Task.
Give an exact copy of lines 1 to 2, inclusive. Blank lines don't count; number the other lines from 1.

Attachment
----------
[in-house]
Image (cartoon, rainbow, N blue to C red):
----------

[in-house]
Image (cartoon, rainbow, N blue to C red):